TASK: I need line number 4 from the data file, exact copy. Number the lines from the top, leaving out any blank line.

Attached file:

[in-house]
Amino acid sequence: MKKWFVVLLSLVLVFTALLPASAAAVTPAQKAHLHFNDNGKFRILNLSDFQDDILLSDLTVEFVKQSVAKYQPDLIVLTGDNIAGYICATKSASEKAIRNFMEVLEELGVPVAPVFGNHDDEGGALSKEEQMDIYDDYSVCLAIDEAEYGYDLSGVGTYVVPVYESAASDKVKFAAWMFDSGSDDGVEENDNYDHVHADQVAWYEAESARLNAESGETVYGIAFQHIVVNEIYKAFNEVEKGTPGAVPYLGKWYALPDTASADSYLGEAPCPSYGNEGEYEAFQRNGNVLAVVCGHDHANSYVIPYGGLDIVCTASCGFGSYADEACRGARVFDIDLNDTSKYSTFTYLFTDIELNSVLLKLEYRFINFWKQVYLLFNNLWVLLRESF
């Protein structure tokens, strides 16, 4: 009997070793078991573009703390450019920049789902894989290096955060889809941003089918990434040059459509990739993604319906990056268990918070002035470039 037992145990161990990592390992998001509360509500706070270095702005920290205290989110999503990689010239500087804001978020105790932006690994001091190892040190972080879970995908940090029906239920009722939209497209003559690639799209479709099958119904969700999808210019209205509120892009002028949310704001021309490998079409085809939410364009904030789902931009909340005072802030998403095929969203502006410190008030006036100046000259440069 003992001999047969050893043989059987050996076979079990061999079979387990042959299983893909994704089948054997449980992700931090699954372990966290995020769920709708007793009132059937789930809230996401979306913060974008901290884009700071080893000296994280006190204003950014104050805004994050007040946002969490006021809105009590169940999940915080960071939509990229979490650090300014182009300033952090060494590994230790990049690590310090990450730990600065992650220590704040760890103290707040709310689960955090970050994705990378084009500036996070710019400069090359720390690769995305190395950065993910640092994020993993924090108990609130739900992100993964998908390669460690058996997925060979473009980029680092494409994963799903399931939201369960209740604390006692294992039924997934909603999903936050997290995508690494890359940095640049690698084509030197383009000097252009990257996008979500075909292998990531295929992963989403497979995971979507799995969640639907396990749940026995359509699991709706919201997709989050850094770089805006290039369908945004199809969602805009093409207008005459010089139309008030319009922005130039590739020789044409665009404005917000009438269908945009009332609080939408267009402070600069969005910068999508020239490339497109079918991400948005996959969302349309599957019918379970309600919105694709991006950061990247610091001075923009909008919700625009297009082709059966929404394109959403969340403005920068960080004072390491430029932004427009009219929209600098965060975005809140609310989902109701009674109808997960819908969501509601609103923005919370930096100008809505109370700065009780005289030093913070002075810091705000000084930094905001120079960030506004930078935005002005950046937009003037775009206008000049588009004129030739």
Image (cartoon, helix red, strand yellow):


Image (cartoon, helix red, strand yellow):